High Blood Pressure Risk Increases With Lack of Vitamin D
Not enough can be said about the health benefits of vitamin D.
The research study highlighted in the following article sheds some light on the link between vitamin D and high blood pressure, or hypertension.
Lack of Vitamin D Raises Hypertension Risk
by Reuben Chow
The trail of vitamin D’s health benefits just keeps getting longer and longer. In the past few months alone, numerous studies have been published suggesting vitamin D has protective and beneficial effects against bone disease, heart problems, Parkinson’s disease and overall mortality. Recently, another study published in the journal Hypertension has linked low levels of vitamin D in the blood with a higher risk of getting hypertension, or high blood pressure.
Details and Findings of Study
Previous studies had already suggested that a link between low levels of vitamin D in the blood and hypertension existed. Definitive data in the form of prospective studies, however, had been somewhat limited. The said study followed some 1,484 women from the Nurses’ Health Study II. The study subjects did not have hypertension at its commencement, and the women were aged from 32 to 52 years, with their average age being about 43 years.
After having accounted for a series of factors which could affect blood pressure, including age, race, body mass index, level of physical activity, family history of the disease, use of oral contraceptives, as well as blood levels of calcium and phosphorous, the study team found that women with lower levels of vitamin D had much higher incidence of hypertension.
Women who ranked in the lowest quartile for blood levels of 25-hydroxyvitamin D, or 25(OH)D, had a 66% higher risk of having high blood pressure, as compared to those in the highest quartile. The median 25(OH)D blood levels were also lower in hypertension sufferers (25.6 ng/mL) as compared with those who did not have the condition (27.3 ng/mL).
All in all, almost two thirds, or 65.7% of the women, were found to be deficient in vitamin D (less than 30.0 ng /mL). That, in itself, is quite a startling statistic. Perhaps nurses spend the majority of their days indoors, away from the health-promoting rays of the sun. And it was found that those deficient in the vitamin were 47% likelier to develop high blood pressure than those who had enough of it.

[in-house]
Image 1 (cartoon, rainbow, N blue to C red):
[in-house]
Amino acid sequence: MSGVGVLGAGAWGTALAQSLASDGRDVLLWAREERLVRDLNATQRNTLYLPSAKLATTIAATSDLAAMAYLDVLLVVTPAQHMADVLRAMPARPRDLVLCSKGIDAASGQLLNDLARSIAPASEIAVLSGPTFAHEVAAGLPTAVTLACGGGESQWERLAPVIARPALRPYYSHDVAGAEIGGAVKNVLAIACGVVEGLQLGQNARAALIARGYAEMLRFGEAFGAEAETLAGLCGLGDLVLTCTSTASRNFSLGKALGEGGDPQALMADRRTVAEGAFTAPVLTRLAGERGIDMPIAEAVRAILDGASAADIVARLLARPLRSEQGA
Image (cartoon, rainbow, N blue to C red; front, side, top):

“Given that 65.7 percent of women were vitamin D deficient, the population risk attributable to vitamin D deficiency is 4.53 new cases of high blood pressure per 1000 young women annually. If this association is causal, then vitamin D deficiency may account for 23.7 percent of all new cases of high blood pressure developing among young women every year,” wrote the study team, comprising Dr John P Forman and his colleagues from Brigham and Women’s Hospital in Boston.
As mentioned at the start of this article, knowledge of vitamin D’s health benefits just keeps increasing. As far as lowering blood pressure is concerned, it is still unclear if vitamin D supplementation would do the trick, something which the study team has asked future research to look into. In meantime, most of us are well aware of the health benefits of the vitamin D which our bodies create on their own, a process which is only possible if we allow the sun’s life-giving rays to touch our naked and unblocked skin.
Plasma 25-Hydroxyvitamin D Levels and Risk of Incident Hypertension Among Young Women (http://hyper.ahajournals.org/cgi/content/abstract/52/5/828)
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